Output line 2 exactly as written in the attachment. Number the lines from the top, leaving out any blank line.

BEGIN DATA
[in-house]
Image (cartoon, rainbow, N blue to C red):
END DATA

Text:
Image (cartoon, rainbow, N blue to C red):